Polio 1

The World Health Organization (WHO) recently announced that transmission of the wild poliovirus has officially been stopped in all 47 countries of its African region.

This is a historic and vital step toward global eradication of polio, which is Rotary's top priority. After decades of hard won gains in the region, Rotary and its partners in the Global Polio Eradication Initiative (GPEI) - WHO, U.S. Centers for Disease Control and Prevention, UNICEF, the Bill & Melinda Gates Foun­ dation, and Gavi, the vaccine alliance - are proclaiming the milestone an achievement in public health. They offer it as proof that strong commitment, coordination, and perseverance can rid the world of polio.

The certification that the African region is free of wild poliovirus comes after the independent Africa Region­al Certification Commission (ARCC) conducted thorough field verifications that confirmed no new cases and analyzed documentation of polio surveillance, immunization, and laboratory capacity by Cameroon, Central African Republic, Nigeria, and South Sudan. The commission had already accepted the documentation of the other 43 countries in the region.

The last cases of polio caused by the wild virus in the African region were recorded in Nigeria's northern state of Borno in August 2016, after two years with no cases. Conflict, along with challenges in reaching mobile populations, had hampered efforts to immunize children there.

Now that the African region is free of wild poliovirus, five of WHO's six regions, representing more than 90 percent of the world's population, are now free of the disease. Polio caused by the wild virus is still endemic in Afghanistan and Pakistan, in the WHO' s Eastern Mediterranean region.

Rotarians around the world have been donating and volunteering to support Rotary International's goal of erad­icating polio, including members of the Rotary Club of Livermore (RCL). To date, RCL members have given more than $230,000 to the Polio Plus campaign, a philanthropic priority for club member Brian Mayall.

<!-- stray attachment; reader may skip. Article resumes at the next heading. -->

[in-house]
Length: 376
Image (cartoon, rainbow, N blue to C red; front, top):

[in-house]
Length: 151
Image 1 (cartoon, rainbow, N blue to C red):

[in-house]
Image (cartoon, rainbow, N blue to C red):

Club member Beth Wilson went on a Rotary Inter­ national-sponsored trip to India to help immunize children there.

"India has been free of the wild polio for several years, but in the many extremely poor villages and neighborhoods, polio could easily grab hold again,” she said. “It's vital that we continue to immunize the children under 5 years regularly to stop that from happening. It was a real eye-opener to see the conditions that millions of people in this world live in. Being a part of a team administering vaccine to children in India was the most memorable event of my life."

The Rotary Club of Livermore remains active during the shelter-in-place orders, including holding regular club meetings via Zoom. Rotarians continue to be ‘people of action’ and invite other service-minded community members to join their ranks.

For more information, visit livermore-rotary.org. Donations to Ro­tary's Polio Plus may be made easily online at www.rotary.org/en/donate.